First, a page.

How are the World’s Researchers Battling Covid Variants?

by Michael London | 04/16/2021 12:20 PM
How are the World’s Researchers Battling Covid Variants?

Scientists have scrambled to develop a wide range of diagnostic tests for coronavirus variants using genomic sequence. Researchers are working to identify mutations quickly and prevent the spread of new strains.


According to the New York Times, a new vaccination developed to fight a coronavirus variant currently in trial in Brazil, Japan, Mexico, and Thailand may be a “game changer.” “A modern formulation entering clinical trials...could transform how the world battles the pandemic.” 

PATH sponsored the advancement of the new vaccine technology to an ever-changing strain, but most importantly, linked, encouraged, and informed, offering vital linkages between innovations, research and stakeholders in the search to fill needs left unmet by market-driven vaccine development.

A dire message is being sent from the hospitals of Brazil already over capacity, literally at their breaking point and treating only Covid patients infected with a new P1 variant.  It is reported, there is no room for any other patients other than those being treated for the coronavirus.  This variant has found to be in at least have the United States.  The P1 variant is 2.5 times more transmissible and infectious than the original strain, says Dr. Miguel Nicolelis Professor of Neuroscience at Duke University.

Dr. Nicolelis, says “Be very worried.”


New variant strains have evolved into new Covid variants only weeks after the first Covid-19 cases were identified in China.  As the coronavirus has progressed, so has the research landscape. The appearance of new strains has ignited a surge of interest in designing testing for complex virus mutations and questions about the accuracy of specific current tests.

The Food and Drug Administration has cautioned that new coronavirus mutations may make certain tests less successful.

So far, scientists have agreed that there is no evidence that the established variants of concern are causing experiments to fail.

Lorraine Lillis, PATH’s scientific program officer, a public health charity that has been monitoring coronavirus samples. said…

“With these Covid diagnostics, we were on a time crunch; we needed to bring something out there.”

 “Normally, diagnostics take a long, long time, and we’d normally challenge them with multiple variants.”  

“And we’re doing that, but we’re doing it in real-time.”

If a test produces an incorrect false-positive result with a variant, the individual can not know they need to separate themselves. Gary Schoolnik, a physician and infectious disease specialist at Stanford University and the chief medical officer at Visby Medical, a coronavirus diagnostics firm, said…

“And that individual is then authorized to be unquarantined, to propagate in the population, and potentially spread the variant to others.”

 “And this is how, if a diagnostic procedure is lacking variants, it will help facilitate the dissemination of the variant.”

The Federal District Administration says that four separate molecular tests “might be affected” but believes they are still accurate. Three of the experiments have several targets; a fourth could be less alert when the virus has a specific mutation. These are the Taq Route, Linea, Xpert Xpress, and Xpert SARS-2 coV, along with the Accula SARS co-2.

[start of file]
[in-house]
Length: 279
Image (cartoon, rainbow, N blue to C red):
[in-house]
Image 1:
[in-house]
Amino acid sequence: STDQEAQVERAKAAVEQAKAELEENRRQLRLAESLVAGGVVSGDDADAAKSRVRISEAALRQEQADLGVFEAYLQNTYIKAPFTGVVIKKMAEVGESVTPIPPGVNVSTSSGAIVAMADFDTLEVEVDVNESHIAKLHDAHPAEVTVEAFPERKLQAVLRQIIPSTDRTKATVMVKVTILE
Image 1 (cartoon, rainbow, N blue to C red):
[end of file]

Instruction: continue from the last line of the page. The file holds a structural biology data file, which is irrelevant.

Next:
Dr. Tim Stenzel, director of the Food and Drug Administration’s office of in vitro diagnostics and radiological health, said...

“We don’t think that those four assays are significantly impacted.”

 “It was more out of an abundance of caution and transparency that we made that information public.”

An antigen assay is less sensitive but commonly used in the detection of coronaviruses. These studies recognize virus-specific proteins. Some genetic mutations enabled them to escape detection.

Nevertheless, scientists are of the view that mutations already occur in any test. “So far, there’s no concrete proof that any single molecular test has it wrong,” noted Neha Agarwal, PATH’s associate director of pathology. Still, circumstances will improve.

The F.D.A. is monitoring the coronavirus databases weekly to see whether the virus is changing in a manner that might be able to evade checks.  Dr. Stenzel said…

“We’re very vigilant.”

“And we will stay vigilant.”

As the variants proliferate, researchers are working to establish and refine detection tests. Currently, defining a variant is usually a two-step operation. To begin, a typical coronavirus test, such as a P.C.R. test, is used to assess the presence of the virus. If the test results in a good result, a sample is submitted for genomic sequencing.

Experts are now working to develop integrated treatments that will assess if an individual is afflicted with the virus and if they have a specific version.

A variety of firms are now releasing coronavirus tests that they claim can distinguish between various strains, but these are mainly for testing purposes. Developing a diagnosis that can definitively detect anyone with a certain variation is “infinitely harder,” according to Dr. Grubaugh.

Similar mutations appear in different variants, complicating differentiation. The mutations of concern will shift as the virus evolves, and sequencing will remain the only effective method for obtaining a complete image of the virus.


                     Deadly variant fuels Brazil's COVID-19 crisis




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